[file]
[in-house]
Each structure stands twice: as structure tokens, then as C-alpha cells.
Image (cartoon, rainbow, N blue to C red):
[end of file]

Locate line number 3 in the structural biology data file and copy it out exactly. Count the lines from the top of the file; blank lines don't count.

Image (cartoon, rainbow, N blue to C red):